Walking into B&H is travel in a time machine, sending you back to the days when Second Avenue was known as the Yiddish Broadway. It’s also one of the few specimens of the Jewish dairy restaurant remaining in the city; it’s been around for more than 70 years but was upgraded slightly after an explosion damaged the space. You can’t go wrong with one of the vegetarian soups sided with buttered, house-made challah bread sweet as brioche. The place sells fish sandwiches and entrees, too. Sit at the formica lunch counter and kibbitz with the regulars. Cash only.

Cabbage soup

Rakka Cafe

Vegetarian assortment

Classic Middle Eastern food — some of the best of it vegetarian — is the forte of Rakka Cafe, which has been on St. Marks for more than three decades. A vegetarian combo might include freshly fried falafel, babaganoush, tabouli, and labneh served with a stack of warm pitas. Meat sandwiches such as lamb shawarma are also bargain priced, and there’s outdoor seating in warm weather.

Vegetarian assortment

Abraço

Olive oil cake and cortado

This coffee bar produces some of the city’s best joe with its own proprietary blends of beans. But a closely held secret is the baking program, helmed by co-owner Liz Quijada. Find a shifting roster of cakes, sweet breads, cookies, and miscellaneous savory items like fritadas and pressed small sandwiches, too. So it’s one of the best places in the East Village for a snack, as the samba floats up around you and happy customers chatter in Portuguese, Spanish, or English. Cash only.

Olive oil cake and cortado

Ray's Candy Store

Twice cooked Belgian french fries

Right on Tompkins Square, the East Village’s iconic snack shop crams a lot of food into a small narrow space with no seating. However, you can stand at the counter and eat your twice cooked french fries, toasted cheese sandwich, ice cream sundae, hot dog with chili, fried Oreos, nachos, or surprisingly good beignets, which get a sprinkle of powdered sugar as they’re passed across the counter. Yes, the place is a lovable mess, with pictures of rock stars on the wall. Cash only.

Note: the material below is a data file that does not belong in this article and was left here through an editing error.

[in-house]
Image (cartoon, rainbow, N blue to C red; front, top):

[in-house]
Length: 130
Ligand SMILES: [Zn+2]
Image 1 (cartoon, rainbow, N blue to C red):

Twice cooked Belgian french fries

Downtown Bakery

Three enchiladas painted with a deep red sauce and melted squiggles of cheese.

It started out as an Italian bakery three decades ago and gradually, most of the baked goods disappeared in favor of Pueblan antojitos. This place was on top of the breakfast taco and burrito thing before any other establishment in town caught on. My favorite dish is chicken enchiladas with guajillo chile sauce, red as a brick and fiery has hell.

Three enchiladas painted with a deep red sauce and melted squiggles of cheese.

Pak Punjab Deli & Grocery

Potato samosa with chutney

Of several Punjabi canteens in the East Village, this one is the best. It’s also a convenience store, providing only three window stools for dining in, but the food verges on the superb. I’m talking about potato samosas bigger than a wrestler’s fist for only $1.50, and “small” servings of chicken curry and pullao rice for $5 that are really much bigger than the designation implies. Ask for chutney and get some very nice green raita on the side.

Potato samosa with chutney

Casa Adela

Rotisserie chicken

This Puerto Rican cafe has been a neighborhood gathering place since 1976, opened by the late Adela Fargas, and it’s still often a lively scene. The paprika dusted rotisserie chickens are fabled, but you’ll do just as well with roast pork served with rice and beans, an avocado or octopus salad, or a Cubano or other pressed sandwich. The dining room is comfortable, and the garlicky aroma of the food drifts down Avenue C. Cash only.

Rotisserie chicken